Obviously internalized sexism is dangerous for yourself, other women and society as whole, but you may not have considered how significantly sexist oppression plays a role in your dating life. The basis of our male/female relationships is backed by sexist, heteronormative gender roles, and because of that, misogyny manifests in these three sneaky ways.
1. You’re hyper focused on your femininity
Raise your hand if you loathe shaving your pubes but do it anyway because you think it makes you more beautiful. SAME. That’s internalized sexism for you! We aren’t born with the instinct to shave our body hair, but body policing make us fear that our man will mouth-vomit and call us nasty if he sees some hair down there. If you’re hyper-focused on fitting the mold of an ideal feminine woman, and feel like nobody will be sexually attracted to you if you aren’t physically perfect, then a problem is happening.
We’re talking dieting, going to the gym in full makeup and thinking of all the ways to be bae’s perfect arm candy instead of focusing on the fact that you’re smart enough to work at NASA. There is no shame in valuing the sexy, feminine parts of yourself. But if you and your partner place no value on your intellect, personality or skills, then you’re perpetuating sexism. Sexism says that a woman must be pretty, quiet and nothing else. Operating outside of sexism means you see value in yourself beyond your looks, and want your partner to see that too.
Brown University alumna, Suzannah Weiss, is a well-known writer that covers relationships and gender issues, and holds a degree in cognitive neuroscience and gender and sexuality studies. When it comes to internalized sexism and femininity, she has a lot to say. “Women strive toward feminine qualities at the expense of their wellbeing,” she says. “For example, being small is considered feminine. When we take pride in ourselves for being thin, we're conforming to the ideal of women as unimposing and ascetic and conventionally beautiful, not because that's how our body just is. We are perpetuating a standard of beauty that harms us.”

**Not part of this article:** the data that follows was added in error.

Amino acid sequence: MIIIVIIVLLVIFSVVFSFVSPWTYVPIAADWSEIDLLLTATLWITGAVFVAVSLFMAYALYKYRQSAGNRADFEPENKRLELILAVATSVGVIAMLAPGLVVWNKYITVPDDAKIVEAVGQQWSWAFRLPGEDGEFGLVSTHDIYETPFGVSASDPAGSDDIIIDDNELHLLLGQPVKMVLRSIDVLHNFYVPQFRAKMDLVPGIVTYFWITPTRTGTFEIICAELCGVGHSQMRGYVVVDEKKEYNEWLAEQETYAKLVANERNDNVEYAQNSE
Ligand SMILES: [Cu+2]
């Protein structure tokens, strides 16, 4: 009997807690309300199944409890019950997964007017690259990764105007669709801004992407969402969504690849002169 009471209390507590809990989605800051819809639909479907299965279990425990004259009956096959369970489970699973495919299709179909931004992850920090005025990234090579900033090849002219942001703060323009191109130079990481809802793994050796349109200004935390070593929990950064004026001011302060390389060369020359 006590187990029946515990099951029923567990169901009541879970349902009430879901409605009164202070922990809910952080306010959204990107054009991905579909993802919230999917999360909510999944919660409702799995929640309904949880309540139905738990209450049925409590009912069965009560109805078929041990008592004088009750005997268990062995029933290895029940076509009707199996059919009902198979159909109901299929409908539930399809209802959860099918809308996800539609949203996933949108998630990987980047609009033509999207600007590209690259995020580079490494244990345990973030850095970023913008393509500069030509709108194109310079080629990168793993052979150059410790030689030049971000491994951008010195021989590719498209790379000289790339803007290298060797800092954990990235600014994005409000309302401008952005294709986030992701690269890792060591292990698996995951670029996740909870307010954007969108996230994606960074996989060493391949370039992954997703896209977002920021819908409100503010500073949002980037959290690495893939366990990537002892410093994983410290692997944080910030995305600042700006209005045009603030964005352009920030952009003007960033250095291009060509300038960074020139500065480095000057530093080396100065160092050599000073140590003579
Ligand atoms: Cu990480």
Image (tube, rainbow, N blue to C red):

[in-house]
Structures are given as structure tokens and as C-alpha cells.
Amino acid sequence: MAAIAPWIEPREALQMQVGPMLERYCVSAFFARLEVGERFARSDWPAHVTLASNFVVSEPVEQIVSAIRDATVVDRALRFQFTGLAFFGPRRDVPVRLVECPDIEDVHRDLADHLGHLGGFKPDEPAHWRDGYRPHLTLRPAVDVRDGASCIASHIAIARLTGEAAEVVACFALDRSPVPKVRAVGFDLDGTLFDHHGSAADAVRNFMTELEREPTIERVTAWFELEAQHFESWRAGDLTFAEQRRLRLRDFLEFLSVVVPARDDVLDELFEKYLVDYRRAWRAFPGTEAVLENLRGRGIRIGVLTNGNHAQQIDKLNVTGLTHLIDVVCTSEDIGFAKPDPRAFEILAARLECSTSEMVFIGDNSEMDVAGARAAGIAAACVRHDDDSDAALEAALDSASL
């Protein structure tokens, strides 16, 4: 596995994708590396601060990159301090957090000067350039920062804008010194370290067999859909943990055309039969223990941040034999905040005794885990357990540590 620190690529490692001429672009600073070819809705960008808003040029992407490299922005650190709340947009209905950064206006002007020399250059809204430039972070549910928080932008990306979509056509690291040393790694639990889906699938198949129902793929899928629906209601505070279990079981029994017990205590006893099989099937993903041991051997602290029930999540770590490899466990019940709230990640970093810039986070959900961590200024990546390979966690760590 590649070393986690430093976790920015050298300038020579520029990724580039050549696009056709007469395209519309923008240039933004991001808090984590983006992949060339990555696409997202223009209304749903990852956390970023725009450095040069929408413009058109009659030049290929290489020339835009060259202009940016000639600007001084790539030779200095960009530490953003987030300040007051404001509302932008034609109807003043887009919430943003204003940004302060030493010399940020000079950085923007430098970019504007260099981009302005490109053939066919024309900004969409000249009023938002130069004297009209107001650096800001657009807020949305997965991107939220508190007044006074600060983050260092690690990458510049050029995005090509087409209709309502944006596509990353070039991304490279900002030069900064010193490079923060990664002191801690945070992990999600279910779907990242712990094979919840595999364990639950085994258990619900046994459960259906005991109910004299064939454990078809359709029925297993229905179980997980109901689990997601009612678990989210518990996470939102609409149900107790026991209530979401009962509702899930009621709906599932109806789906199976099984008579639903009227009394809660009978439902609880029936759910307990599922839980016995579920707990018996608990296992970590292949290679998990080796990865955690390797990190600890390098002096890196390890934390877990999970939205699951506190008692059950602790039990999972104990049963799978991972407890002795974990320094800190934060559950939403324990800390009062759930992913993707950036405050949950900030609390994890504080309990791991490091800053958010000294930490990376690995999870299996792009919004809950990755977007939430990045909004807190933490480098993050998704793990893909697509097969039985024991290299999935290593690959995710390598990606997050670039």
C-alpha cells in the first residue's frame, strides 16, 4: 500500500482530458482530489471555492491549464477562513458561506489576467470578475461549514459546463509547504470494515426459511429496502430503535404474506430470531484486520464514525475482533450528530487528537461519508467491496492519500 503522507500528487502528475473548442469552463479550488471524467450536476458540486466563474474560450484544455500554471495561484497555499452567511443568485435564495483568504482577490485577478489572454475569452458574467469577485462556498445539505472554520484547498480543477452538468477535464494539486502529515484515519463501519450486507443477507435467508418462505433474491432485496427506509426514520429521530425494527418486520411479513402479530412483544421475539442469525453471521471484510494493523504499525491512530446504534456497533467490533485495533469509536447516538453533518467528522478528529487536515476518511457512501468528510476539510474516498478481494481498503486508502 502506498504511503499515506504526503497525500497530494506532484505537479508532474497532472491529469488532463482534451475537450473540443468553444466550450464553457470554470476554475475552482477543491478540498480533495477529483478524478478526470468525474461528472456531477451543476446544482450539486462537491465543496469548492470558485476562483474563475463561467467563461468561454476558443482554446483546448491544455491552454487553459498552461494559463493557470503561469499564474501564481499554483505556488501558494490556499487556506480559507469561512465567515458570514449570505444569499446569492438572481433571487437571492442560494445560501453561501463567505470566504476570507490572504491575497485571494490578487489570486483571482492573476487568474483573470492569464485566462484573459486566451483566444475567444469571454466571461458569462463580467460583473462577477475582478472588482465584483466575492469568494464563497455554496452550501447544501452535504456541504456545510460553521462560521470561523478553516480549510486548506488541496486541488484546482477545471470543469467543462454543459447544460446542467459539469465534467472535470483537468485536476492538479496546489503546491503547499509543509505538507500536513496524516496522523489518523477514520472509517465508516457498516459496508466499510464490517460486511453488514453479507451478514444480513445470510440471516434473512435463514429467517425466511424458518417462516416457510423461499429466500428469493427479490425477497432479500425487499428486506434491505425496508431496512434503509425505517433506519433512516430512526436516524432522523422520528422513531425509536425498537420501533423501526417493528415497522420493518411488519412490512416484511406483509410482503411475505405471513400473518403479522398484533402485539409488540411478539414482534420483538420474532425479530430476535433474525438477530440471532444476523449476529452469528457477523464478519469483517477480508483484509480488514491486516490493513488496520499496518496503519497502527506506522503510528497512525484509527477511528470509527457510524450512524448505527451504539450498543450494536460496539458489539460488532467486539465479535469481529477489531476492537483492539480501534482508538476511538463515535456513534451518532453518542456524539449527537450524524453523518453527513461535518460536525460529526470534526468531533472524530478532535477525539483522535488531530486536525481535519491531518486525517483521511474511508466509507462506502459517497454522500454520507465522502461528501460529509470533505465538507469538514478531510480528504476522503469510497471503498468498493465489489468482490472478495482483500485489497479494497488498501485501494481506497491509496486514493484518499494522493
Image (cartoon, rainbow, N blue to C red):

Fun fact: You don’t have to fit a societal ideal to be desirable. That’s a toxic message which will inevitably lead to low self-esteem because beauty standards are not attainable or realistic. Primping isn’t in itself internalized misogyny, but if you feel anxious not doing it then it’s problematic. If your face and body are the basis of your romantic relationships, you should do some revaluating. Love yourself more than that, and find a partner who does too.
2. You always feel guilty
Do you find yourself apologizing often for the way you are? AKA feeling embarrassed when you share a controversial opinion, interrupt someone or, god forbid, eat a large meal. Shaming yourself and feeling guilty for totally reasonable behavior shows that you’ve definitely internalized sexism, and you’re not being fully authentic or free in your relationship.
Carly, a sophomore at the University of Michigan, shares her own struggle and realization at the way sexism has made her feel guilty in her relationship. “I’ve had countless men and women tell me not to speak up,” she says. “From being little in class and raising my hand, to being in college and trying to share thoughts I think are valuable, I live in a society that wants me to be quiet. For years, I internalized this and didn’t realize it. In my first serious relationship, I found I had trouble speaking up in bed or talking to my boyfriend if he did something that hurt me.”